conceptual framework 7

Figure 1 shows the Conceptual Framework of the study. The input is the profile of the college students according to sex, year level, and the social media platform being used. The research process includes administering the questionnaires, tabulating students’ responses, and statistical data analysis and interpretation. The output is the effectiveness of using social media in the political literacy of college students.

Research Topic: Factors Affecting the Satisfaction Level of Community Inhabitants

conceptual framework 8

Figure 1 presents a visual illustration of the factors that affect the satisfaction level of community inhabitants. As presented, environmental, societal, and economic factors influence the satisfaction level of community inhabitants. Each factor has its indicators which are considered in this study.

Tips and Warnings

  • Please keep it simple. Avoid using fancy illustrations or designs when creating your conceptual framework. 
  • Allot a lot of space for feedback. This is to show that your research variables or methodology might be revised based on the input from the research panel. Below is an example of a conceptual framework with a spot allotted for feedback.

conceptual framework 9

Frequently Asked Questions

1. how can i create a conceptual framework in microsoft word.

First, click the Insert tab and select Shapes . You’ll see a wide range of shapes to choose from. Usually, rectangles, circles, and arrows are the shapes used for the conceptual framework.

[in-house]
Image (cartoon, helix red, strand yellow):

conceptual framework 10

Next, draw your selected shape in the document.

conceptual framework 11

Insert the name of the variable inside the shape. You can do this by pointing your cursor to the shape, right-clicking your mouse, selecting Add Text , and typing in the text.

conceptual framework 12

Repeat the same process for the remaining variables of your study. If you need arrows to connect the different variables, you can insert one by going to the Insert tab, then Shape, and finally, Lines or Block Arrows, depending on your preferred arrow style.

2. How to explain my conceptual framework in defense?

If you have used the Independent-Dependent Variable Model in creating your conceptual framework, start by telling your research’s variables. Afterward, explain the relationship between these variables. Example: “Using statistical/descriptive analysis of the data we have collected, we are going to show how the <state your independent variable> exhibits a significant relationship to <state your dependent variable>.”

On the other hand, if you have used an Input-Process-Output Model, start by explaining the inputs of your research. Then, tell them about your research process. You may refer to the Research Methodology in Chapter 3 to accurately present your research process. Lastly, explain what your research outcome is.

Meanwhile, if you have used a concept map, ensure you understand the idea behind the illustration. Discuss how the concepts are related and highlight the research outcome.

3. In what stage of research is the conceptual framework written?

The research study’s conceptual framework is in Chapter 2, following the Review of Related Literature.

4. What is the difference between a Conceptual Framework and Literature Review?

The Conceptual Framework is a summary of the concepts of your study where the relationship of the variables is presented. On the other hand, Literature Review is a collection of published studies and literature related to your study.